The gay village is the cultural hub of the West End, according to recent findings from a city-led cultural-mapping exercise held this summer.
The findings come from information gathered at three open houses organized in July by city staff working on a new community plan for the West End. The plan will ultimately set short- and long-term goals for the area to guide its development.
During the consultation process, people who live, work and play in the West End were asked to identify areas and neighbourhood landmarks they consider culturally significant to the community.
City planner Holly Sovdi says participants pointed to local businesses, including popular gay bars and clubs, organizations such as Qmunity, and heritage landmarks.
“Really, what we were looking to do was hear from West Enders, of all ages, what is culturally important to them in the community,” Sovdi explains.
“We were looking to recognize and build on the strength of the community.”
West End Residents' Association president Christine Ackermann says gay businesses in the Davie Village, such as Little Sister's and Oasis, are "also cultural assets."
(James Loewen photo)
Participants were asked to place stickers on a map of the West End identifying buildings, locations and landmarks that they felt were culturally significant to them.
“At the end of the day, what was really clear was that the most significant cluster was located in the Davie Village,” Sovdi says.
“It’s helped identify the Davie Village as an important LGBTQ hub,” he says. “And, as part of the plan, we will recognize that and be building on those strengths.”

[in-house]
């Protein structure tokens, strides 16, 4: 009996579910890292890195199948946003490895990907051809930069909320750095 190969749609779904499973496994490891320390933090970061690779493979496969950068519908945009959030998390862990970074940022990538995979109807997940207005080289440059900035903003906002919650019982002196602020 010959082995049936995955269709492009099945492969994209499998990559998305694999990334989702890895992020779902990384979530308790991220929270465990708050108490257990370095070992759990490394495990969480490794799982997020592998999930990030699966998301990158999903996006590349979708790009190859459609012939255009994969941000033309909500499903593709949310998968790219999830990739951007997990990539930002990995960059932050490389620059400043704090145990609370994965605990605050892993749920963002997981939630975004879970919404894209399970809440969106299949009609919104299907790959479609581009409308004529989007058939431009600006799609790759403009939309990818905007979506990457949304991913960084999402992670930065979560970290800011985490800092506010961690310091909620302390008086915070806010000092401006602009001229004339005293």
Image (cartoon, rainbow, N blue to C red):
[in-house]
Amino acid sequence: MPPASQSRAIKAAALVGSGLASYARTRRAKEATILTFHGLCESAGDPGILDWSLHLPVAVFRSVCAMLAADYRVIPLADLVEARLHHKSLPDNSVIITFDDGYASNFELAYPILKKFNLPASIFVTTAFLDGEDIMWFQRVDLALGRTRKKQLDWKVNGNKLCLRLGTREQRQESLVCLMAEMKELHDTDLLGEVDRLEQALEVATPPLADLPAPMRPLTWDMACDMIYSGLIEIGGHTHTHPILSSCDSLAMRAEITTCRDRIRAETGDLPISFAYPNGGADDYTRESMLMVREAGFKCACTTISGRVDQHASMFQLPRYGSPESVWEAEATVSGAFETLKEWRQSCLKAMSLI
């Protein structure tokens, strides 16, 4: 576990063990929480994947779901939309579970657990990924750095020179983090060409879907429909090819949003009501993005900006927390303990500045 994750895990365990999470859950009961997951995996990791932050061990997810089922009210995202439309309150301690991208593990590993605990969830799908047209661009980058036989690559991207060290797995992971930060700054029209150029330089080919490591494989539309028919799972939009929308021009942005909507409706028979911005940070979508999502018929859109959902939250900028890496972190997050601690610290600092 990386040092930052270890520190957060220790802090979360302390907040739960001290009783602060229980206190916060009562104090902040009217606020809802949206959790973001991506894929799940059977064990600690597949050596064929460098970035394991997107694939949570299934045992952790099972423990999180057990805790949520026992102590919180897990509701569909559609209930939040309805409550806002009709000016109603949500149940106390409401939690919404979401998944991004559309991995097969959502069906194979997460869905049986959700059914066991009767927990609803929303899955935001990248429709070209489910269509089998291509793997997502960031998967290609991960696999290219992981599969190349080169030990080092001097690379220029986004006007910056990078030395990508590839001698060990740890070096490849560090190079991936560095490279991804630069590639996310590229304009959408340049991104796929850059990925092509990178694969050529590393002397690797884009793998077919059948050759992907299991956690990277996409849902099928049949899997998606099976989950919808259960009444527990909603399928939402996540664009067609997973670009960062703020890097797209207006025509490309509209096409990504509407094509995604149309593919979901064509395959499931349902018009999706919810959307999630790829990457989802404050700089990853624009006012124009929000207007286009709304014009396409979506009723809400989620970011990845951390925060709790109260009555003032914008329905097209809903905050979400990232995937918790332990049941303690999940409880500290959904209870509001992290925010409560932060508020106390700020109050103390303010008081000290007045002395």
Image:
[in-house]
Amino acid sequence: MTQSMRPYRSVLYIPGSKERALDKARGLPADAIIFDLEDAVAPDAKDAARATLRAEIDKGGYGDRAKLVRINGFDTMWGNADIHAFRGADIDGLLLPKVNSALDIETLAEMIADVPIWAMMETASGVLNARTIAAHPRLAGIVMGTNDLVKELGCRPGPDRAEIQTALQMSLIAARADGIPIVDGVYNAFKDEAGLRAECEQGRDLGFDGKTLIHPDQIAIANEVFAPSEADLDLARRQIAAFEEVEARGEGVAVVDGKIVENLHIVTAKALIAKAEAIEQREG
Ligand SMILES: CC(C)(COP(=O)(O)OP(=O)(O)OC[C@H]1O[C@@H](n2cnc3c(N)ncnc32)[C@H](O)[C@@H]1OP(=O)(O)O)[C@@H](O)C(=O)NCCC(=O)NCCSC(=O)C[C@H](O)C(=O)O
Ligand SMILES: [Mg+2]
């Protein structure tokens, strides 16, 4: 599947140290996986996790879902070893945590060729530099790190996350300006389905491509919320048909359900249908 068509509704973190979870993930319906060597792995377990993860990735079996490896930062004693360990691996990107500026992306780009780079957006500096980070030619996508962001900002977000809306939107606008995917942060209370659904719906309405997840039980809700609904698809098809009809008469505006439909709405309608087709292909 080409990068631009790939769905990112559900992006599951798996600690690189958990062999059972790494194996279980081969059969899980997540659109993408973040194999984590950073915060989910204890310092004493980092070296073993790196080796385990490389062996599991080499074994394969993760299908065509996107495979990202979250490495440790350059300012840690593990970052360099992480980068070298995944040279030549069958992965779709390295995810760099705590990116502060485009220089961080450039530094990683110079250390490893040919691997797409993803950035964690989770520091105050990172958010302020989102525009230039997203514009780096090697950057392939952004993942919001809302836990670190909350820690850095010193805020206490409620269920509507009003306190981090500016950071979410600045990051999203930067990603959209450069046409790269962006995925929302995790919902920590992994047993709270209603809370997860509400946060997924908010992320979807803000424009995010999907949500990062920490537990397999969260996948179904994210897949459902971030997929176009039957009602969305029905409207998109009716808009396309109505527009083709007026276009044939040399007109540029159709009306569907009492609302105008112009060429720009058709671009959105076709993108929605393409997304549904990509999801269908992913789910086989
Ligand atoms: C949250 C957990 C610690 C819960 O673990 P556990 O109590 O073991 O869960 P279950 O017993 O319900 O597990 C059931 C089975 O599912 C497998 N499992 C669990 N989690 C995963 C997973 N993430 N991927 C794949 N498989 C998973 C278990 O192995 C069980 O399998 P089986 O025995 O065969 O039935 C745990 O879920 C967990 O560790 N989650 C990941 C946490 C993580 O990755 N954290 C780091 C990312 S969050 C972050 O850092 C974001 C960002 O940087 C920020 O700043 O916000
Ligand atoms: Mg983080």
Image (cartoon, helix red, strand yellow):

“It’s not surprising at all,” Christine Ackermann says of the findings.
“It’s just very good recognition of what is the very best in our community,” she says.
Ackermann, who is president of the West End Residents’ Association, says she lives in the West End in order to stay connected to her queer community and its rich culture.
“I can’t imagine the Davie Village without Little Sister’s or the Fountainhead or Oasis or PumpJack,” she says. "These are businesses, but they’re also cultural assets.”
Ackermann says the Davie Village is not only a noted queer hub for West End residents but it’s also a recognized landmark for those living outside the area.
“The Davie Village plays an important role in the community and is an important cultural resource to many West Enders,” he says.
Results from the cultural-mapping sessions will be compiled in a report and publicly presented in October. Sovdi says the findings will help identify key cultural assets in the community and contribute to shaping the West End community planning process, set to continue over the next 15 to 18 months.
City planners will continue their consultation processes with the public throughout the planning phase, but Sovdi says cultural mapping and “asset recognition” was a crucial first step.
“I think it’s important to recognize the importance of a place as the first step in planning for its future,” he says.
The West End plan is expected to be completed in 2013.